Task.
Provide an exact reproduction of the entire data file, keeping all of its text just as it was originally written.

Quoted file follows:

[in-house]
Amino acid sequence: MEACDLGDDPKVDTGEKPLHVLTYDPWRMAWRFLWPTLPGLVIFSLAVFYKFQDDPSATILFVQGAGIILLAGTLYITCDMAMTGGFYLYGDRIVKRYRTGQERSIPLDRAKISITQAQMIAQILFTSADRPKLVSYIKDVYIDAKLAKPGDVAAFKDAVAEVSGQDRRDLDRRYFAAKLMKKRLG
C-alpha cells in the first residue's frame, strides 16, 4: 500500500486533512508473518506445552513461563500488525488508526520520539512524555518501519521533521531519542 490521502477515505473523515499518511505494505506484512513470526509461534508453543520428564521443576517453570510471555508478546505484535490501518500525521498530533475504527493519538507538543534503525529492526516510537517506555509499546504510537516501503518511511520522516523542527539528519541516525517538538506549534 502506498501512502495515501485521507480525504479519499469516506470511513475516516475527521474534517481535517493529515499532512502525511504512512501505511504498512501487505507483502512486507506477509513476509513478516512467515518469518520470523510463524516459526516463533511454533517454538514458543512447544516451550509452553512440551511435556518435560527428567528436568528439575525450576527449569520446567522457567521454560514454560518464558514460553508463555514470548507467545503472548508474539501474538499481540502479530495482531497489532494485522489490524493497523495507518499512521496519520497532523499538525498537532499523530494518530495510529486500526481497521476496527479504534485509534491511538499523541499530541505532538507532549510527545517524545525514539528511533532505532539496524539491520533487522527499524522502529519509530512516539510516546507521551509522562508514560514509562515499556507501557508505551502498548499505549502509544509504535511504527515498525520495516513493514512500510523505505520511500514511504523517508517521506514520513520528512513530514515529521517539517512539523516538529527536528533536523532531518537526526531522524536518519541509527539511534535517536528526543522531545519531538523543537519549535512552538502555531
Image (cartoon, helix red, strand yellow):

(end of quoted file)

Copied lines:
[in-house]
Amino acid sequence: MEACDLGDDPKVDTGEKPLHVLTYDPWRMAWRFLWPTLPGLVIFSLAVFYKFQDDPSATILFVQGAGIILLAGTLYITCDMAMTGGFYLYGDRIVKRYRTGQERSIPLDRAKISITQAQMIAQILFTSADRPKLVSYIKDVYIDAKLAKPGDVAAFKDAVAEVSGQDRRDLDRRYFAAKLMKKRLG
C-alpha cells in the first residue's frame, strides 16, 4: 500500500486533512508473518506445552513461563500488525488508526520520539512524555518501519521533521531519542 490521502477515505473523515499518511505494505506484512513470526509461534508453543520428564521443576517453570510471555508478546505484535490501518500525521498530533475504527493519538507538543534503525529492526516510537517506555509499546504510537516501503518511511520522516523542527539528519541516525517538538506549534 502506498501512502495515501485521507480525504479519499469516506470511513475516516475527521474534517481535517493529515499532512502525511504512512501505511504498512501487505507483502512486507506477509513476509513478516512467515518469518520470523510463524516459526516463533511454533517454538514458543512447544516451550509452553512440551511435556518435560527428567528436568528439575525450576527449569520446567522457567521454560514454560518464558514460553508463555514470548507467545503472548508474539501474538499481540502479530495482531497489532494485522489490524493497523495507518499512521496519520497532523499538525498537532499523530494518530495510529486500526481497521476496527479504534485509534491511538499523541499530541505532538507532549510527545517524545525514539528511533532505532539496524539491520533487522527499524522502529519509530512516539510516546507521551509522562508514560514509562515499556507501557508505551502498548499505549502509544509504535511504527515498525520495516513493514512500510523505505520511500514511504523517508517521506514520513520528512513530514515529521517539517512539523516538529527536528533536523532531518537526526531522524536518519541509527539511534535517536528526543522531545519531538523543537519549535512552538502555531
Image (cartoon, helix red, strand yellow):